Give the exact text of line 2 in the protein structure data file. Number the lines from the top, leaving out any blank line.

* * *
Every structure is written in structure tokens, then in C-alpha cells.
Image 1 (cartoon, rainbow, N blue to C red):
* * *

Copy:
Image 1 (cartoon, rainbow, N blue to C red):